Losing Boomer

Losing Boomer

From Chicken Soup for the Soul: Reader's Choice 20th Anniversary Edition

Losing Boomer

Dogs’ lives are too short. Their only fault, really.

~Agnes Sligh Turnbull

We recently had our fifteen-year-old Chihuahua put to sleep. Boomer was not my dog. He belonged to my late wife, Linda. Still, I found myself pretty choked-up the day my daughter, Emily, and I took him to the vet.

At times, Boomer was not an easy animal to live with. He barked at strangers, turned up his nose at dry dog food, and relieved himself on the floor instead of going outside. A difficult dog, yes, but since his death it’s become even more difficult to live without him.

Boomer wasn’t my dog, but he was an excellent running partner. When I was training for marathons seven days a week, Boomer accompanied me as I ran in the mountains behind our home. I’m not talking a short jog in the forest, here. It was ten, sometimes twenty miles. How could a small dog run that far? I’m not sure. He must have had a special running gene other Chihuahuas didn’t have. Together we slogged through mud, wind, heat, and hailstorm. We scampered up mountains so steep they would make a Kenyan distance runner cry uncle. The little guy didn’t have an ounce of quit in him.

Boomer was treated like a king around our house. Lots of food, a warm bed, and oodles of affection. Linda and I pampered him more than a four-star hotel concierge. When he wasn’t sneaking scraps from the table or snatching a cookie from the hand of an unsuspecting child, he was eating steak, ham, and turkey dinners. Begging for tasty tidbits was Boomer’s favorite pastime.

When Linda died of cancer, it was a very difficult time for our family. Boomer mourned right along with us. He lay in his bed and (shockingly) refused to eat, no matter what kind of yummy morsel I placed in front of him.

Emily headed off to college a few years later, and the relationship between man and Chihuahua continued to grow (although I still refused to call him “my” dog). Boomer was always there for me, through good times and bad. I took him for walks, gave him treats, talked to him and caressed him. In return, his love was unconditional.

But then he had a stroke and his health quickly began to fade. Walking became a problem, and his appetite began to diminish. Before long he completely stopped eating. Emily and I decided it was time to put him down. It was a tough thing to do. Boomer had been with us for a long time. He was also our last living memory of Linda.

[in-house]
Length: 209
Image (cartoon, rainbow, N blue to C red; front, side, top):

It was going to be another heartbreaking hurdle for our family to overcome.

I had read a story by Bobbie Jensen Lippman titled “When It’s Time to Say Goodbye” in Chicken Soup for the Soul: What I Learned from the Dog. The story had a big impact on me, and I drew some strength from it. Bobbie had let her beloved dog go when the time came and I felt like she was talking me through the process now.

A storm blew in the morning we took Boomer to the vet’s office. Rain was coming down in buckets. I was grumpy and out of sorts that day, and I foolishly snapped at the poor receptionist who asked me to fill out a few forms.

“Dad, you sound like a cranky old man,” Emily whispered. I apologized and confessed that the thought of watching Boomer die was just too agonizing. I’d been through the death of a loved one before. I wasn’t sure I could handle the grief again, that period leading up to the last exhale that is so excruciating, so unbearable. Grief. One small word. One short syllable. But there is nothing small or short about it. Emily understood.

The vet came in to administer the anesthetic. I massaged Boomer’s head one last time and stepped out of the room, leaving my daughter to shoulder the burden. I was glad she had the strength to be there with Boomer in those final moments, to ease his passage. I was proud of her.

On the ride home I thought about how much happiness Boomer had brought to our family. I also thought about what Bobbie Lippman said about losing her dog, Czar, in the final paragraphs of her story. The line I remembered was “. . .unless we expose ourselves to the painful lows in life, how can we ever experience the happy highs?”

The tears came when I reflected on what a gift Boomer had been to us. I finally understood that Boomer had been my dog all along. I’d just failed to realize it.

~Timothy Martin

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